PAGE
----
Forensic psychologists are sometimes faced with the task of educating triers of fact about the evidential weight of dissociative experiences reported by claimants in litigation procedures. In their two-part essay, Brand et al. (Psychological Injury and Law, 10, 283–297, 2017a; Psychological Injury and Law, 10, 298–312, 2017b) provide advice to experts who find themselves in such situation. We argue that the Brand et al. approach is problematic and might induce confirmation bias in experts. Their approach is not well connected to the extant literature on recovered memories, dissociative amnesia, memory distortions, and symptom validity testing. In some instances, Brand et al. (Psychological Injury and Law, 10, 283–297, 2017a; Psychological Injury and Law, 10, 298–312, 2017b) simplify the current body of knowledge about dissociation; in other instances, they ignore relevant empirical studies to an extent that is worrisome.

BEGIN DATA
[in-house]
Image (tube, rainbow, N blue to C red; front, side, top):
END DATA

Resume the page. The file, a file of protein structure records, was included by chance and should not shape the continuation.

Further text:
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Conflict of Interest
The authors declare that they have no conflict of interest.
No informed consent was needed for this commentary.
No animal studies were carried out by the authors for this commentary.
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Merckelbach, H., Patihis, L. Why “Trauma-Related Dissociation” Is a Misnomer in Courts: a Critical Analysis of Brand et al. (2017a, b). Psychol. Inj. and Law 11, 370–376 (2018). https://doi.org/10.1007/s12207-018-9328-8
- Dissociative symptoms
- Symptom validity
- Expert witness testimony